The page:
Best of Deals Car Reviews Repair Shops Cars A-Z Radio Show

Crown Victoria Shimmies when accelerating at 35 mph

I have a 1994 Automatic Ford Crown Victoria with apx. 120,000 miles (the odometer stopped working about 20k miles ago, what can ya’ do).

Recently it has started doing a subtle vibration/shake/shimmy when accelerating from (I believe) 1st to second gear at about 35 mph. It doesn’t happen when decelerating, and i think it might happen the same way at around 65 mph…not always though. It isn’t a rough vibration, but it lasts for about 3 seconds. it is definitely coming from the engine, it isn’t the tires or brakes

I just want to know what it might be before I start throwing money at it. Thanks in advance!

A shimmy is coming from your engine?
Are you sure?
When I hear the term “shimmy”, I look to the suspension or the steering components as the probable source of the problem.

If the problem seems to be coming from the engine…is it possible to describe it with some terms other than “shimmy”?

The car could be checked for any DTCs that may exist as a first step and if there are none then one has to proceed on with more diagnostics. I have no idea if throwing money at it means as a DIYer or if you’re throwing it at someone else.

Wild wild guessing, I might say a fuel flow problem (fuel filter or pump), intake manifold vacuum leak, intake tract air leak, or MAF sensor fault.

This is where you start getting into basic diagnostics and your mechanical abilities and/or tool situation as a DIYer is the unknown to me.

What would I do first? Check for DTCs followed up with the use of a vacuum gauge. At 20 years of age a vacuum leak or intake tract leak is a real possibility anyway.
If the fuel filter hasn’t been changed in a millineum I’d also consider that. The filter can be checked once off the car. It should be drained and allowed to dry for an hour minimum. Then try blowing gently through it. It should be easy to do; much like a soda straw.

@VDCdriver It is a vibration, maybe like going over rumble strips on the highway but not nearly as violent.

1 Like

@ok4450 I have a fairly competent dad with most of the tools we could possibly need, when i called a car shop and described the problem to them and suggested a fuel flow issue the man said that if that were the problem then it would always be vibrating, not just at 35 mph

Your car is old enough that fault codes, if any, probably won’t lead you anywhere. From what you describe, I would suggest a complete tune-up, including spark plugs, wires, fuel filter, air filter, PCV valve. If the trouble is still there sounds like you might have a torque converter shudder, these transmissions were prone to that.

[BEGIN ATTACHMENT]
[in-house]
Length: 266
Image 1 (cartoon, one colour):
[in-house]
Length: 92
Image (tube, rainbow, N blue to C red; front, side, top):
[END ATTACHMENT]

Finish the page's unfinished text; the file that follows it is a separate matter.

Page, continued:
An experienced qualified mechanic should be able to determine the cause of your problems as well.

is this shimmy when the transmission is shifting gears?

@asemaster ooooh I just looked up a torque converter shudder and I’d bet anything that that is the problem, it describes it perfectly. hopefully a transmission flush will fix it. Will update once I get the work done to let future this-problem-havers know if that fixes it!

Torque converter lock-up. Worn. Red Lube Guard may help.

I was going to suggest a converter shudder as that’s common with Ford transmissions of this era. That rumble strip effect, if that’s what it feels like, is pretty common with aged fluid.

I change the fluid in my Fords about every 30-35k miles. If allowed to get into the 40-50k miles range the subtle signs of it start appearing; usually a barely detectable shift flare.

Don’t just flush the fluid. Drop the pan, change the filter, and check the pan for excessive debris while it’s off. Debris means metal flakes or an excessive amount of blackish sludge.

I kept mine clean with fresh fluid and filters, and it did that anyway. It’s a wear effect.
After changing the fluid as per ok4450, add Red Lube Guard. I know that at least Napa used to carry it.

Concur w/ok4450 above, don’t do a flush. Do the drop the pan thing, as OP describes. Refill w/the exact fluid the manufacturer recommends for this car. If that helps, but doesn’t solve it, repeat the same procedure after driving a few days. It’s not possible to get all the old fluid out the first time.

Just wanted to update-
I was scared off of the idea of doing a flush by everybody i spoke with, and I could not determine if transmissions totally crapping out after a flush was an old wives tale or not, so I decided to do the easy, safe, cheap thing of adding red lube (or whatever it is called) from the auto parts store. It’s been about 2 weeks and the shudder has not come back yet. Hopefully it stays this way!

Yes, hopefully it stays away.
However, you did fall for an old wives tale regarding the supposed danger of doing a trans fluid change.

Just pouring in an additive is a crutch and should not be considered a long term fix.
You really need to drop the pan, change the filter, and drain as much fluid as possible at a minimum.
Some Fords of this vintage have a drain plug on the torque converter and if so fitted the converter should be drained. With the converter drained a fluid replacement/flush could be omitted and refilling the fluid to the correct level should be sufficient.

My preference would be to do the pan drop and filter change and then do a fluid replacement; or flush being the term used most often if there is no drain plug on the converter.

Yes my crown Vic is doing as you describe… do you know a probable cause?

Did you read any of the previous posts?